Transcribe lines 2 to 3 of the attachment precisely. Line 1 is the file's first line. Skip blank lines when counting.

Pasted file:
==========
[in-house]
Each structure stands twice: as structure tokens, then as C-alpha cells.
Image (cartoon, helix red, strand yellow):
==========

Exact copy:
Each structure stands twice: as structure tokens, then as C-alpha cells.
Image (cartoon, helix red, strand yellow):